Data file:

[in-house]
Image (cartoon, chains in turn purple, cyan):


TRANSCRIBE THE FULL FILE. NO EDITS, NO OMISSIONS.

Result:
[in-house]
Image (cartoon, chains in turn purple, cyan):